Like her classmates, O’Connor believes if medical students do not learn how to care and advocate for patients with disabilities at the beginning of their training, “then we will continue to perpetuate inequities that these patients experience in the healthcare system.” O’Connor’s older brother had cerebral palsy. Her parents had an intimate understanding of the healthcare system and were able to advocate for her brother. However, O’Connor believes that this burden should not fall on patients and their families.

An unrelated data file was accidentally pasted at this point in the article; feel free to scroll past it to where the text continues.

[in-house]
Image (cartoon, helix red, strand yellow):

Suresh’s interest was deeply personal too—he has been living with a speech disorder since childhood. During his first year at Geisel, he volunteered at the Spark Community Center in Lebanon, NH, where he says he was privileged to develop close relationships with adults living with disabilities. “The center was an open space for individuals to engage in activities with each other, and I was struck by how open everyone was in sharing their personal story with me and talking about how they advocated for themselves during medical appointments,” Suresh says. “The experience of living with a disability can be isolating when you feel misunderstood—our goal is to empower medical students to make positive contributions to the care of these patients as part of the medical team.”